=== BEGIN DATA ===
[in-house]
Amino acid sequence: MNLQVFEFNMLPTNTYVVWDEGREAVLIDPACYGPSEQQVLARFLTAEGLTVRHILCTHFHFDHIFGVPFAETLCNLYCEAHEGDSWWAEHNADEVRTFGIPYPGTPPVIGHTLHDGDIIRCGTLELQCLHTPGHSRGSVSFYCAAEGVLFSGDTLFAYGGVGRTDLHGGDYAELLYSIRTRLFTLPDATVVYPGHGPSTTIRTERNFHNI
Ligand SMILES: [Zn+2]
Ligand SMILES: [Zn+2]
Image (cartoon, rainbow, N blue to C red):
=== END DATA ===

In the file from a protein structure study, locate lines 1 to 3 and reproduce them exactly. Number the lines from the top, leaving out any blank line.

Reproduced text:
[in-house]
Amino acid sequence: MNLQVFEFNMLPTNTYVVWDEGREAVLIDPACYGPSEQQVLARFLTAEGLTVRHILCTHFHFDHIFGVPFAETLCNLYCEAHEGDSWWAEHNADEVRTFGIPYPGTPPVIGHTLHDGDIIRCGTLELQCLHTPGHSRGSVSFYCAAEGVLFSGDTLFAYGGVGRTDLHGGDYAELLYSIRTRLFTLPDATVVYPGHGPSTTIRTERNFHNI
Ligand SMILES: [Zn+2]